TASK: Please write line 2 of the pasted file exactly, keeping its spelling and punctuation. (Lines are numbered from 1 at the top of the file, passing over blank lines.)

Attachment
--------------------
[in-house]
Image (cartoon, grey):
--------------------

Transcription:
Image (cartoon, grey):